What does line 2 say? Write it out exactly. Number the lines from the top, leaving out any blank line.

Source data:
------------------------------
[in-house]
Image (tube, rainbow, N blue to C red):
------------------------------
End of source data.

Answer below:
Image (tube, rainbow, N blue to C red):